Who do Phillies fans fear more? The Marlins or the Braves?

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At least one Philly fan — Corey Seidman at Phillies Nation — fears the Feesh more. After an extensive breakdown of the two challengers’ rotations which he thinks to be more or less equal, he offers something short and pithy to make it clear where he comes down on the matter:

We’ll discuss hitting another day, but I’ll let it be known now that I
don’t trust a Braves offense relying on the aging Chipper Jones, a
has-been Troy Glaus, an undeveloped, crowned-too-early Jason Heyward, an
enigmatic Yunel Escobar, an unsustainably hot Martin Prado, and an
overrated Nate McLouth, to make it through a full season.

I’ll buy his take on the rotations — especially his righteous takedown of Derek Lowe — but I think he’s sleeping on the Braves’ offense a bit. The Braves and Marlins have had fairly similar overall production so far this year despite the fact that Atlanta has gotten zero from first base, shortstop, center field and left field.  No, Jason Heyward and Martin Prado aren’t going to sport OPSes of 1.000+ all year, but the Braves have a lot of offensive upside to look forward to this season.

Ultimately all that matters is what happens on the field, of course, and today begins the first Braves-Phillies series of the season.  I’m curious to see how they matchup. But I also want to know from Phillies fans: who do you think will give the team more trouble over the course of the season: Atlanta or Florida?

(thanks to resident Phillies Pfan Jonny5 for the link)

With Adam Jones ailing, Orioles add Borbon to outfield

SAN FRANCISCO, CA - AUGUST 13: Adam Jones #10 of the Baltimore Orioles reacts after being hit in the hand by a pitch in the sixth against the San Francisco Giants inning during an interleague game at AT&T Park on August 13, 2016 in San Francisco, California. (Photo by Lachlan Cunningham/Getty Images)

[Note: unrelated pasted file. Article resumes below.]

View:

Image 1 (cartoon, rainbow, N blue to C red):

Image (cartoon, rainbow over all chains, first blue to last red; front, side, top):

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NEW YORK — With star outfielder Adam Jones nursing a tender hamstring, the Baltimore Orioles selected the contract of Julio Borbon from Double-A Bowie and optioned pitcher Mike Wright to Triple-A Norfolk.

Borbon was inserted in the starting lineup for Baltimore, batting ninth against hard-throwing New York Yankees rookie Chad Green.

“We had some other center field options,” manager Buck Showalter said. “Borbon is our best option at this point.”

Jones left Friday’s game in the second inning with a left hamstring strain. He departed the previous night’s game at Washington in the ninth inning with hamstring cramps and aggravated the injury hustling down the first base line on a soft grounder to third.

“I got a feeling that if he hadn’t had that first swinging bunt, it might not have been a problem,” Showalter indicated. “He’s not going to trot to first base as much as I talked to him about it before the game.”

Although Jones was unable to talk his way into Saturday’s lineup, Showalter speculated that he might be available to pinch-hit.

The 30-year old Borbon was 2 for 9 in five games with the Orioles earlier this season, but was designated for assignment on July 26. To create room for Borbon on the 40-man roster, pitcher Logan Ondrusek was designated for assignment on Friday.

No structural damage found in Andrew Benintendi’s knee

ST. PETERSBURG, FL - AUGUST 24:  Shortstop Matt Duffy #5 of the Tampa Bay Rays tags out Andrew Benintendi #40 of the Boston Red Sox after Dustin Pedroia grounded into the double play  during the seventh inning of a game on August 24, 2016 at Tropicana Field in St. Petersburg, Florida. (Photo by Brian Blanco/Getty Images)
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Good news in Boston: An MRI on Red Sox outfielder Andrew Benintendi‘s left knee revealed no structural damage.

Benintendi slipped while trying to avoid a tag at second base, injuring his leg, but it appears he’s avoided a serious injury. A timetable for his return isn’t known at this point, but the Red Sox expect to get him back before the end of the season.

Benintendi is hitting .324/.365/.485 with a homer and ten RBI in 21 games.